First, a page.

CD4 Cell-Guided Scheduled Treatment Interruptions in HIV-infected Patients With Sustained Immunologic Response to HAART

Maggiolo, Franco; Airoldi, Monica; Callegaro, Annapaola; Martinelli, Canio; Dolara, Alberto; Bini, Teresa; Gregis, Giampietro; Quinzan, Giampaolo; Ripamonti, Diego; Ravasio, Veronica; Suter, Fredy

Disclosures

AIDS. 2009;23(7):799-807. 

In This Article

Abstract and Introduction

Abstract

Objective: To compare continuous HAART with a CD4 cell-driven scheduled treatment interruption (STI) strategy.
Methods: LOng Term Treatment Interruption study is a randomized, controlled, prospective trial. Patients with CD4 cell counts more than 700 cells/μl were eligible, and the immunologic threshold to resume HAART was 350 cells/μl. The primary end point was the development of an opportunistic disease, death from any cause or the occurrence of diseases, other than opportunistic, requiring hospital admission. Secondary end points were major adverse effects, virologic failures and therapeutic costs.
Results: Three hundred and twenty-nine patients were randomized 1: 1. Total follow-up was 1388 person-years (mean 4.2 years). Patients in the STI group stopped therapy for a total of 241 STI cycles, their mean off-therapy period was 65.3% of the follow-up. The primary end point occurred in 12.1% of patients on STI and in 11.6% of controls [odds ratio 1.05; 95% confidence interval 0.54-2.05]. A higher proportion of patients in the STI arm were diagnosed with pneumonia (P = 0.037), whereas clinical events influencing the cardiovascular risk of patients were significantly (P < 0.0001) more frequent among controls. Eight patients (4.8%) in the STI group and 11 (6.7%) controls developed viral resistance [odds ratio 0.79, 95% confidence interval 0.27-1.81]. The mean daily therapeutic cost was €20.29 for controls and dropped to €9.07 in the STI arm (P < 0.0001).
Conclusion: The two strategies may be considered clinically equivalent. CD4 cell-guided STIs seem a possible alternative for chronically infected individuals responding to HAART provided that CD4 cell decrements would be steadily maintained above a safe threshold.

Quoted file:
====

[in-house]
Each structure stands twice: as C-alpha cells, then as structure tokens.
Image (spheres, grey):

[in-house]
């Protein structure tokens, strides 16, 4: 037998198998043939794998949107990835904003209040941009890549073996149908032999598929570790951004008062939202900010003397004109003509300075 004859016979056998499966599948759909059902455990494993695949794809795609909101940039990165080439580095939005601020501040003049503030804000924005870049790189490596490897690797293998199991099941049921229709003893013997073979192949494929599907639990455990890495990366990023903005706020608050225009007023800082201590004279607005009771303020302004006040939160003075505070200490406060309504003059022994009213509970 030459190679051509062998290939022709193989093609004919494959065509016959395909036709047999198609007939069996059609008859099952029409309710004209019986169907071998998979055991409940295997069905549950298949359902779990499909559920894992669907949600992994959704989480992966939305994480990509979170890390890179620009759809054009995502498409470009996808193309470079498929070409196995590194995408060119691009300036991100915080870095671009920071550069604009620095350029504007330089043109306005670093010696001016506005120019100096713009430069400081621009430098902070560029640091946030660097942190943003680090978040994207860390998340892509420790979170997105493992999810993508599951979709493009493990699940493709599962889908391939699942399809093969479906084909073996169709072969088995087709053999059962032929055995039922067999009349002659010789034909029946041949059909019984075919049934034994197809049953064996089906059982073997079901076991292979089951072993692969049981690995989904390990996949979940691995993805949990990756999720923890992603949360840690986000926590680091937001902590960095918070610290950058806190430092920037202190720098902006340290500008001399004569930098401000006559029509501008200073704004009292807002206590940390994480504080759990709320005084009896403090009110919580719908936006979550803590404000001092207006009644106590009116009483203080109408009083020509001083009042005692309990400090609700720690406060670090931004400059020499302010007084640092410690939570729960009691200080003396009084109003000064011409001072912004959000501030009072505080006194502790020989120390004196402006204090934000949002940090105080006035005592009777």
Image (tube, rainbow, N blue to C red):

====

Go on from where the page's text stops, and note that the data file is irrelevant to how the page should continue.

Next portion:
Introduction

As the current regimens cannot eradicate HIV infection,[1] persons living with HIV are recommended to stay on life-long medication therapy. Pill fatigue, adverse effects and resistance continue to limit the effectiveness of HAART.[2,3] Scheduled treatment interruptions (STIs) have emerged as a possible strategy to ameliorate these problems.[4,5] Theoretically, STIs may decrease the cumulative time a patient is exposed to antiretroviral agents, thus improving quality of life, reducing the emergence of drug-related adverse effects and the chance of selecting for drug-resistant viruses, and may reduce therapeutic cost for patients or the healthcare system. However, the role of STIs within the modern management of HAART remains controversial.[6] Although several experiences have documented that CD4 cell-guided STIs may be virologically[7,8] and immunologically[9,10] safe among chronically infected patients responding to HAART, the benefit and risks of STIs can best be determined by long-term, controlled studies intended and powered not only to evaluate the risk of resistance or the immunologic response, but also to compare clinical outcomes including disease progression, AIDS, major toxicities and survival.[11]

We conducted a multicentre, controlled, prospective and randomized trial on a cohort of chronically HIV-infected individuals on effective HAART to address most of these open questions [LOng Term Treatment Interruption study (LOTTI)]. We chose to apply an individualized pulse therapy strategy, driven by CD4 cell count, and to compare it with conventional continuous HAART.

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